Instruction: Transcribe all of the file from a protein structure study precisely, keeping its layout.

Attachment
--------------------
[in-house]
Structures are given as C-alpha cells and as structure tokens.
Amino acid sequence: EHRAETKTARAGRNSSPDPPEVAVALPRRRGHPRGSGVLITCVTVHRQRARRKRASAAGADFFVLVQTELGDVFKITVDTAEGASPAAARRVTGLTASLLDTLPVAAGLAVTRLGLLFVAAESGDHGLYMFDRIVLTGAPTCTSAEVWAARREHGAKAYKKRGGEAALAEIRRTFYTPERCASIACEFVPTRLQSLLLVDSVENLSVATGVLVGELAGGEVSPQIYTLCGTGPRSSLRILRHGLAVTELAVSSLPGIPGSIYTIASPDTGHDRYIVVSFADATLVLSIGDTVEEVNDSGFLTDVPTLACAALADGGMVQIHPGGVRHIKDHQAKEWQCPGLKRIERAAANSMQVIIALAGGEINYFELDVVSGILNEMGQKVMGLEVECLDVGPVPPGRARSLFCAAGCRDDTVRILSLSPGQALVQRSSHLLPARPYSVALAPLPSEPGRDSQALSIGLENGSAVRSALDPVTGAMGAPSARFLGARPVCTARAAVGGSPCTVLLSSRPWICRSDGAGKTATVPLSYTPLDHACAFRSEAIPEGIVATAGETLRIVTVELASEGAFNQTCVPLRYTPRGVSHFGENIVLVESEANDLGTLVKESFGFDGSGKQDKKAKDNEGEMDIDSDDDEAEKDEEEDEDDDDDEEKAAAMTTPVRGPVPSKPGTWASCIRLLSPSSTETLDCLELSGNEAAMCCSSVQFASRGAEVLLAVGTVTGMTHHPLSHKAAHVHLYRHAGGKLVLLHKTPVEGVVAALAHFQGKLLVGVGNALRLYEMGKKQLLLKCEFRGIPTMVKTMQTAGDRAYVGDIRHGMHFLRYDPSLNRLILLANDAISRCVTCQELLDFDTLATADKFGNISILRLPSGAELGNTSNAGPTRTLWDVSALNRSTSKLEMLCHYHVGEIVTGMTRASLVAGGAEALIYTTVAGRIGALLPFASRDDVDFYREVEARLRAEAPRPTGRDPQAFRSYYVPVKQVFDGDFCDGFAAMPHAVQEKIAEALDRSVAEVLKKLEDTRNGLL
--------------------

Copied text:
[in-house]
Structures are given as C-alpha cells and as structure tokens.
Amino acid sequence: EHRAETKTARAGRNSSPDPPEVAVALPRRRGHPRGSGVLITCVTVHRQRARRKRASAAGADFFVLVQTELGDVFKITVDTAEGASPAAARRVTGLTASLLDTLPVAAGLAVTRLGLLFVAAESGDHGLYMFDRIVLTGAPTCTSAEVWAARREHGAKAYKKRGGEAALAEIRRTFYTPERCASIACEFVPTRLQSLLLVDSVENLSVATGVLVGELAGGEVSPQIYTLCGTGPRSSLRILRHGLAVTELAVSSLPGIPGSIYTIASPDTGHDRYIVVSFADATLVLSIGDTVEEVNDSGFLTDVPTLACAALADGGMVQIHPGGVRHIKDHQAKEWQCPGLKRIERAAANSMQVIIALAGGEINYFELDVVSGILNEMGQKVMGLEVECLDVGPVPPGRARSLFCAAGCRDDTVRILSLSPGQALVQRSSHLLPARPYSVALAPLPSEPGRDSQALSIGLENGSAVRSALDPVTGAMGAPSARFLGARPVCTARAAVGGSPCTVLLSSRPWICRSDGAGKTATVPLSYTPLDHACAFRSEAIPEGIVATAGETLRIVTVELASEGAFNQTCVPLRYTPRGVSHFGENIVLVESEANDLGTLVKESFGFDGSGKQDKKAKDNEGEMDIDSDDDEAEKDEEEDEDDDDDEEKAAAMTTPVRGPVPSKPGTWASCIRLLSPSSTETLDCLELSGNEAAMCCSSVQFASRGAEVLLAVGTVTGMTHHPLSHKAAHVHLYRHAGGKLVLLHKTPVEGVVAALAHFQGKLLVGVGNALRLYEMGKKQLLLKCEFRGIPTMVKTMQTAGDRAYVGDIRHGMHFLRYDPSLNRLILLANDAISRCVTCQELLDFDTLATADKFGNISILRLPSGAELGNTSNAGPTRTLWDVSALNRSTSKLEMLCHYHVGEIVTGMTRASLVAGGAEALIYTTVAGRIGALLPFASRDDVDFYREVEARLRAEAPRPTGRDPQAFRSYYVPVKQVFDGDFCDGFAAMPHAVQEKIAEALDRSVAEVLKKLEDTRNGLL